·         In high temperature, high evaporation rates leading to local concentrations nearly coming out of solution and form a thin film near heating surface.
·         Magnetite layer broken down
·         Soluble compound formed which deposits on metal as a porous oxide
·         Local concentrations may cause a significant overall reduction in alkalinity.
·         If evaporation rate reduced alkalinity restored.
More in depth:
Generally confined to
1.   Water cooled in regions of high heat flux
2.   Slanted or horizontal tubes
3.   Beneath heavy deposits
4.   Adjacent to devices that disrupt flow ( e.g. backing rings)

Caustic ( or ductile ) gouging refers to the corrosive interaction of concentrated NaOH with a metal to produce distinct hemispherical or elliptical depressions.

Depression are often filled with corrosion products that sometimes contain sparkling crystals of magnetite.
Iron oxides being amphoteric are susceptible to corrosion by both high and low pH enviroments.


High pH substances such as NaOH dissolve the magnetite then attack the iron.

The two factors required to cause caustic corrosion are;
·         the availability of NaOH or of alkaline producing salts. ( e.g. intentional by water treatment or unintentional by ion exchange resin regeneration.)
·         Method of concentration, i.e. one of the following;
                                           i.  Departure form nucleate boiling (DNB)
                                         ii.  Deposition
                                       iii.  Evapouration

i)Departure form nucleate boiling (DNB)
Under normal conditions steam bubbles are formed in discrete parts. Boiler water solids develop near the surface . However on departure of the bubble rinsing water flows in and redissolves the soluble solids.


 However at increased rates the rate of bubble formation may exceed the flow of rinsing water , and at higher still rate, a stable film may occur with corrosion concentrations at the edge of this blanket.
The magnetite layer is then attacked leading to metal loss.
The area under the film may be relatively intact.

ii) Deposition
A similar situation can occur beneath layers of heavy deposition where bubbles formation occur but the corrosive residue is protected from the bulk water

iii), Evaporation at waterline

Where a waterline exists corrosives may concentrate at this point by evaporation and corrosion occurs.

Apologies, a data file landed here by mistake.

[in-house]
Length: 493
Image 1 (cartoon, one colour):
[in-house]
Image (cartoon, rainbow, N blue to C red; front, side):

PREVENTIONS
·         Rifling is sometimes fitted to prevent DNB by inducing water swirl.
·         Reduce free NaOH by correct water treatment
·         Prevent inadvertent release of NaOH into system (say from an ion exchange column regenerator )
·         Prevent leakage of alkaline salts via condenser
·         Prevent DNB
·         Prevent excessive waterside deposits
·         Prevent creation of waterlines in tubes- slanted or horizontal tubes are particularly susceptible to this at light loads were low water flows allow stm water stratification.

If the magnetite layer is broken down by corrosive action, high temperature hydrogen atoms diffuse into the metal, combine with the carbon and form methane. Large CH-3 molecules causes internal stress and cracking along crystal boundaries and sharp sided pits or cracks in tubes appear.

more in depth: Generally confined to internal surfaces of water carrying tubes that are actively corroding. Usually occurs in regions of high heat flux, beneath heavy deposits, in slanted and horizontal tubes and in heat regions at or adjacent to backing rings at welds or near devices that disrupt flow .

Uncommon in boilers with a W.P.of less than 70 bar

A typical sequence would be ;
·         NaOH removes the magnetite
·         free hydrogen is formed ( hydrogen in its atomic rather than diatomic state) by either the reaction of water with the iron reforming the magnetite or by NaOH reacting with the iron
·         This free hydrogen can diffuse into the steel where it combines at the grain boundaries to form molecular hydrogen or reacts with the iron carbide to form methane
·         As neither molecular hydrogen or methane can diffuse through the steel the gasses build up , increasing pressure and leading to failure at the grain boundaries
·         These micro cracks accumulate reducing tensile stress and leading to a thick walled failure. Sections may be blown out.
·         This form of damage may also occur in regions of low pH
·         For boilers operating above 70 bar , where high pH corrosion has occurred the possibility of hydrogen damage should be considered

Loss of circulation , high temperature in steam atmosphere, or externally on suphtr tubes

Concentrated chelants ( i,e. amines and other protecting chemicals) can attack magnetite , stm drum internals most susceptible.
A surface under attack is free of deposits and corrosion products , it may be very smooth and coated with a glassy black like substance
Horse shoe shaped contours with comet tails in the direction of the flow may be present.

Alternately deep discrete isolated pits may occur depending on the flow and turbulence